“Saturday Night Live” this weekend has several sketches on the coronavirus, including one about last week’s Staten Island, New York, demonstration following the arrest of a bar owner who allegedly defied government restrictions on indoor dining.
Cast member David Johnson, a native of Staten Island, said the questionable bar, Mac’s Public House, is located in an area of New York City with the second highest number of confirmed cases of the virus – and restaurants there are allowed to Serve food only outdoors.
“The landlord said no one wants to do that because they want to get out of business,” Davidson said, “but the argument that people in Staten Island do not want to drink outside can be dismissed by going into virtually no small league. “
The protesters made everyone in Staten Island “look like babies,” he added.
Supporters protest in addition to Mack’s Tavern on Stated Island in deepening of New York’s coveted limitations
“You know it’s bad when people in Boston are like, ‘Ahh, drink at home, you queries!’,” He joked.
Davidson added that because of the protest, he was “no longer the first thing people think of when they say, ‘What’s the worst thing about Staten Island?'”
The co-owner of the pub, Danny Presti, said after his arrest “Fox and a friend”, “We are losing faith, and a little lost faith in the possibility for our local and city governments to help us.” But he said he will not stop fighting to save his business.
“We just need to be assisted or to get open our places and the state agencies and city agencies that come in and threaten to fine us or withdraw our licenses every single day. It is not right,” Presti said.
“SNL” made some other sketches related to the virus.
One Christmas sketch imagined how the Santas shopping mall would be able to get safely this season – in a plastic bubble.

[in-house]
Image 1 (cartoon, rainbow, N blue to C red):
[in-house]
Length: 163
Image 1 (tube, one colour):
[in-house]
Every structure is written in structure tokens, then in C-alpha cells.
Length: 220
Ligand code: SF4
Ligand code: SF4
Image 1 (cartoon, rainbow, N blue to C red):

“Santa’s Social Distancing Santa’s Village” also has jingle bells the “virtual contactless elf” that offers hand sanitizer from inside a hole in his stomach.
Host Jason Bateman as Santa and cast member Cecily strong as Mrs. Claus could not secure their base in their plastic bubbles and shoot themselves repeatedly.
What’s driving coronavirus vaccine hesitation in US? It.
Another sketch highlighted the awkwardness and guilt when a daughter told her mother that she could not come home for the holidays because of the risk of the virus.
“You do not need to come home for Christmas, okay? “I just want you to be safe,” one mother, played by member Heidi Gardner, told her daughter via FaceTime. “I think since you will not come, I’ll just throw your sock on the fire.”
Earlier, during the weekend “Weekend Update”, co-anchor Michael Che joked that while the Centers for Disease Control and Prevention recommended the first people to receive the COVID-19 vaccine should be health care workers and nursing residents, “the first people to Really get it will be guests of Colin [Jost] And Scarlett’s [Johansson] Holiday yacht party. ”
Che often teases Joost for an Hollywood elite since he married the a-list actress.
“I had mixed feelings about the vaccine,” he continued. “On the one hand, I’m black, so naturally I do not trust it, but on the other hand I’m on a white TV show so I can really get the real thing.”
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Less than half of African-American adults have said they feel good about getting the vaccine when it is available, which is part of a history of racial medical experimentation by the government, according to a survey by the COVID Collaborative, NBC News reported .